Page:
mythos furnished matter for the märchen and the folk-tales about the evil serpents that bit the wandering Israelites, and how they were saved and healed by an image of the good serpent, which always had been lifted up in Egypt as a solar symbol of healing and of life. In playing off the serpent of fire against the serpent of darkness, the deceased anticipates Moses with Nehushtan the brazen. He exclaims triumphantly, “I understand the mystical representations of things, and by that means I repulse Apap” (108). Also in the zodiac of Esné fiery flying serpents are to be seen on the wing in the decans of Cancer as the sign of heat and drought (Drummond, Oed. Jud., pl. 8). The children of Israel, as followers of the solar god, are the children of Ra, or Atum-Ra, under whatsoever racial name; and these are to be met
with even by name, making the passage through the lower Egypt of Amenta on their way to the promised land. People named the Aaiu, an Egyptian plural equivalent to our word Jews, are described in the underworld.
Their god is the ass-headed Aiu, or Iu, who was one of the gods of Israel that led the people up out of Egypt — that is, the ass was one of the zootypes of the god Aiu, as the calf, bullock, or ox was another. We had to dredge this nether-earth for much of the sunken treasure of Egyptian wisdom that has long been lost in its authentic shape. And in Amenta we find the ass-headed god of the Jews, respecting whom they have been so ignorantly derided and maligned. His name, we repeat, is Aiu, Au, Aai, or Iu, both as god and as the ass in old Egyptian; and this name survived in the forms of Iao, Iau, Iahu, Ieou, and others. The god was Atum-Ra in Egypt, and Aiu the ass-headed is one of the types of the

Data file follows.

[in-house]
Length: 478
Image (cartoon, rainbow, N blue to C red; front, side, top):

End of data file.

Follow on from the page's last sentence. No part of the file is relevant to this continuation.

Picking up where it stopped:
solar god. Aiu appears ass-headed in Amenta as a god stretched out upon the ground who has the solar disk upon his head, with the ears of an ass projecting beside the disk. He is holding the rope by which the solar boat was towed up from the nether-world (Lefébure, Records, vol. X, [Page 648] p. 130). The figure lying on the ground denotes the god who was Atum-Aiu, the sun by night in the earth of eternity.
The people who are with Aiu in this scene are amongst those “who guard the rope of Aiu, and do not allow the serpent Apap to mount towards the boat of the great god.” These are the Aiu as the people of Iu. It is said of them, “Those who are in this scene walk before Ra (Atum-Iu). They charm (or catalepse) Apap for him. They rise with him towards the heavens.”
The Book of Amenta, called the Book of Hades by Lefébure, shows this god in his mummied form as one with Osiris in the body and with Ra in soul; otherwise it is Atum in the body, or mummy, and Iu in soul.